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FORUMS Canon Cameras, Lenses & Accessories Canon EF and EF-S Lenses 
Thread started 16 Jan 2015 (Friday) 13:37
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Which Prime lens for portraits?

 
JeffreyG
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Jan 16, 2015 19:32 |  #16

DaveKosiba wrote in post #17386143 (external link)
Nice to see not many people recommending lenses less than 85mm. After talking with several professional photographers, I have recently learned that none of them recommend shorter focal lengths due to distortion of the subject. They all like to see 85, or even 100 or more for portraits. At least for FF cameras. They joke about people who shoot portraits with 50mm or less focal length. Maybe it's time to trade in my Sigma 30mm/1.4 for something longer. I suppose for my 70D, I might be able to get away with a 50mm since that would be 80mm FF equivalent.

It depends on what the OP means by 'portraits', but if you mean posed, formal portraits then you are correct. In such cases it is best to keep yourself at least 12 feet back from the subject, which will require the use of a longer focal length to frame the shot.

But if you take a broader view looking at environmental portraits or other 'people' photography, there is no reason to believe that wide angles cannot be used. You can find specific examples of what I mean in this thread about using a 24mm prime on a FF camera here:

https://photography-on-the.net …showthread.php?​p=17377082

Specifically, the OP has a 70-200 zoom that he's perfectly happy with. He seems to be looking for a better lens to replace or use instead of his 24-70. I'm not sure how an 85mm or 100mm prime solves the OP's stated goals in any way.


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DreDaze
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Jan 16, 2015 19:39 |  #17

set your 24-70mm at 24, 35, and 50mm...keep it at each distance for a day or so in use...see which one you like more...once your preferred focal length is determined it will narrow down your lens choices a little bit


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ejenner
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Jan 16, 2015 21:00 |  #18

OP said he has everything covered from 50mm, so in that case he needs a 35mm - sigma 35 art of course.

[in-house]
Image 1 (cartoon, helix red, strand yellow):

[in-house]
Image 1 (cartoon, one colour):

Especially considering the 50mm options and what he already has.


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Sparrow19
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Jan 16, 2015 21:59 |  #19

Thank You everyone for your input. There is no doubt the 85 is probably the best choice. BUT, I'm wanting something I can shoot a family, 3-5 members, posed or not, and have a reasonable amount of scenery around them. Combining that for when I dont have the room to use my 70-200. My 24-70 on the short side is just not sharp really (user error, or lens error I dunno). That is why I was thinking maybe a 35 or 50 would do a better job. I can get the whole family sharp, some scenery when I need, and not have to be 20 feet back.

I see a lot of beautiful family shots on this site, and not sure how they are getting them so sharp a focus.

I also do a lot of weddings, and when I have large family group shots, the 24mm end or my 24-70 is not doing a great job. Or at least not in my opinion, and from what I see of others. I put it on a tripod, center point focused, settings correct for exposure, and its just not sharp. If i zoom in, closer to the 70 end, they look great.

So I dunno, maybe its me doing something wrong, but not sure why everything else can look great, but these dont.


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texkam
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Jan 17, 2015 01:36 |  #20

The shorter the focal length, the less flattering the traditional portrait. Do some research on it.




  
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DreDaze
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Jan 17, 2015 02:06 |  #21

if you're planning on taking shots of 3-5 family members, i would just use your tamron since you'll probably be stopped down to at least f2.8 anyways just to get them all in focus


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canonfaithfulforever
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Jan 17, 2015 15:27 |  #22

Strange that your tamron is soft on the short end, all the reviews ive read say its good there and softer as you go on, just unlucky i guess

Personally id be going with a 35 or 50 prime and ditching the 24-70 completely if i went 35, Probably the Sigma Art.

And for weddings, the 35 on one camera and either you 70-200 or the 100L is the ultimate combo imo for general coverage


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halitime